archive - issue 11

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  • Apartment / Containers

    By Vincent Bezuidenhout
    These diptychs are the start of a series of images I have been working on regarding the visual landscape we choose to surround ourselves
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  • Collage

    By Claudio Parentela
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  • Drag and Snap

    By Leigh-Anne Niehaus
    This series is inspired by the childhood game of "snapdragon", which allows for simplistic and delightful decision-making through random selections of colour and number.
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  • Human/Nature

    By Lydia Anne McCarthy
    This series explores moments between nature and human beings that are at once idealistic and unsettling. Each picture is an independent narrative, but placed
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  • p u n c t u a t i o n

    By Ula Einstein
    Einstein works with a diverse range of media, including drawings and installation with fire, thread, and blades. The series of drawings and installations with
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  • Pretty Babies

    By Peregrine Honig
    With the premise that "/ " presents what is IN and what is OUT, the "Pretty Babies" series explores the fashion industry's well-published and syndicated DOs
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  • River Bank

    By Mario Sughi
    The symbol / is intended initially as a symbol of division. A real or unreal line divides the girl from the water, the girl from
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  • Seasaw

    By Sol Kjøk
    Here, the motif is conceived of as a seesaw (the typo in the title is intended, as this drawing is part of a series
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  • Series Seven Up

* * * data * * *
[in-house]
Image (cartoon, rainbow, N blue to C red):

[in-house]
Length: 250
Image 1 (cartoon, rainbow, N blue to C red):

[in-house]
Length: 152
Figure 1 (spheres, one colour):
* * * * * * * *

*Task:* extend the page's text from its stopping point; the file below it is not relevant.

By Noel Fignier
    Text by João Branco Kyron, HipnóticaThe collision is imminent and in the fraction of time left, the eyes shut and the vision is superbly
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  • A battle over samoosas between the snobbish Cinderella and a homeless electrician is mediated by Cinderella's boyfriend JJ. The samoosa battle is conflated with
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  • Untitled

    By Wilhelm Saayman
    This series of images, made using pen and ink, photographs and Photoshop, explore alternate/dream realities.
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  • The space between.

    By Mehita Iqani
    It's a handy little line, the one that we use to make our options known. Either/Or. Paper and ink or binary code? Its clichéd,
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  • /

    By Ruth Barker
    On the QWERTY layout of my computer keyboard, the symbol / appears beside the questioning symbol ?. They are represented together on the same key, and
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  • I returned home after my first year in college to discover my younger sister had turned gorgeous. This was a disappointment, but not an
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  • Forward! Slash!

    By Travis Lyle
    You think you're a forward-thinking kinda person, do you? Lemme be the one to break it to you, sunshine – you're as lame as the
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  • Letter to the Editor

    By Elan Gamaker
    Dear Sir/Madam I should like strenuously to object to the subject matter ("/") of your current issue. It must first be mentioned, however, that it
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  • Butterfly

    By Adriana de Barros
    The pupa, a silk wrap of emotionsIsolated, within breathing, wanting to bethe intense pronoun of selfIt is silly to be one's own pronounShe giggles
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  • Evidence of Life

    By Tamlyn Martin
    Below is an extract from a series of 11 poems created in parallel with visual artworks. 5. Memories laced with visceral realityFlooding herThe gentle
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  • Immigrants

    By Stanley Onjezani Kenani
    you want to livenothing else.you leaveto liveyou swimor like fresh sardinesyou are packedin boatsyou leaveto live.  you leavegold in the belly of Africaoil in
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  • In Between

    By Tania van Schalkwyk